Author links: website: www.martinelewisauthor.com

Facebook: www.facebook.com/martinelewisauthor

Twitter: www.twitter.com/authorMartine

Instagram: www.instagram.com/martinelewisauthor

Goodreads author page: www.goodreads.com/martinelewisauthor

Amazon author page: www.amazon.com/author/martinelewis

Amazon sell link: http://goo.gl/DJ2w6n

Malakai (1)The Giveaway:

Follow the link to enter to win a copy of Crossing the Barrier on Goodreads: https://www.goodreads.com/giveaway/show/199682-crossing-the-barrier

Crossing the Barrier will be FREE on Amazon through September 1st through September 5th over Labor Day weekend! Go pick up your copy TODAY:

Amazon sell link: https://goo.gl/5azdxT

Book of the Month
March 5, 2011 posted by Christina

Delirium – Lauren Oliver

—–

There was a time when love was the most important thing in the world. People would go to the end of the earth to find it. They would tell lies for it. Even kill for it.

Then, at last, they found the cure.

Now, everything is different. Scientists are able to eradicate love, and the government demands that all citizens receive the cure upon turning eighteen. Lena Haloway has always looked forward to the day when she’ll be cured. A life without love is a life without pain: safe, measured, predictable and happy.

But then, with only ninety-five days left until her treatment, Lena does the unthinkable…”

Last year, everyone fell head over heels in love with Lauren Oliver’s debut novel, Before I Fall which meant the February release of her dystopian novel, Delirium, was high on a lot of people’s “Can’t wait! Can’t wait!” lists.

As seen in many dystopias, there is something completely terrifying about a society that takes away your freedom, where you must conform to what the government dictates to be acceptable. In Delirium there is the added horror of a society that not only believes that love is a disease, but they have found the cure. A cure which all citizens must submit to, just after their eighteenth birthday. This is the world Lena Haloway knows.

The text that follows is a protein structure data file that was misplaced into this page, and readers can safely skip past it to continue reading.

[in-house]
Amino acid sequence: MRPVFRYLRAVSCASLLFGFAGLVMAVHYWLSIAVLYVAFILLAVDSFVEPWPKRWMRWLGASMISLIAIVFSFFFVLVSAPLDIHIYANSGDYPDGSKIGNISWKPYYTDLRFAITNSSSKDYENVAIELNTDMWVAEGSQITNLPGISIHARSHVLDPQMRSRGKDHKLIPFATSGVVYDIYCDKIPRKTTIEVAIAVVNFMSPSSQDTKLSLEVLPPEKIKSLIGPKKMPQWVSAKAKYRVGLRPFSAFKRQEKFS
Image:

Lena wholeheartedly believes in the cure and is counting down the days until her procedure. Love to her is wrong and unnatural and the cure equals stability and safety, away from the disease that drove her mother to take her own life.

But amor deliria nervosa has a mind of its own when Lena meets Alex. From there the disease starts to take over, but is it really a disease or is this the way things should be? How can something that feels so right be considered deadly wrong?

When I first heard the concept of love being a disease I was definitely curious. But when the symptoms of love, or amor deliria nervosa are explained – sweaty palms, difficulty focusing, loss of appetite, obsessive thoughts and actions, to name a few, it really does sound like a disease.

I found the story a little slow to start but it felt a lot like a rollercoaster  – you creep upwards and you know you’re building up to something big, then when you hit the top, and speed all the way down, and you don’t get off until it’s over, and that’s exactly what reading it was like. Once I hit the part where you’re hooked, I sat there and couldn’t put it down till I finished the whole book.

The main difference between this book and a rollercoaster though, was that this book had a BIG finish. It had one of the most intense, amazing and heart wrenching endings I ever read.

The writing itself is both thrilling and hypnotizing. Lauren Oliver does an amazing job at pin pointing the feelings of love which, for Lena, are not only new and wonderful but conflict with eighteen years of brainwashing that have told her that those feelings are sick and wrong.

Lena and Alex’s romance will definitely steal your heart. Their affair is powerful and tragic and you find yourself desperately hoping they’ll find a way to be together.

The dystopian world built up in Delirium is believable, with its underlying sense of terror – an almost robotic world without freedom and love which is cleverly illustrated by the pieces of propaganda at the beginning of each chapter. The only flaw I can mention is that the reason for why the cure came about isn’t really discussed (at least not in this book). I hope we do get to find what would trigger a whole country (with the exception of those who escaped to the Wilds) to agree to something as crazy as a cure for love.

Delirium is riveting, unforgettable and unputdownable. If while reading it you start to feel your heart racing, that’s the deliria taking over, and you’re feeling it for the book. Welcome to the club.

Pages: 441
Publication Date: February 2011
Publisher: Hachette (Au)/Harper Teen (US)
Challenge: n/a
Rating: : ★★★★★

Teaser quote: “They say the cure for love will make me happy and safe forever. And I’ve always believed them.

Until now. Now everything has changed.

Now I’d rather be infected with love for the tiniest sliver of a second than live a hundred years suffocated by a lie.”

Book Reviews
February 21, 2011 posted by Christina

Other Words For Love – Lorraine Zago Rosenthal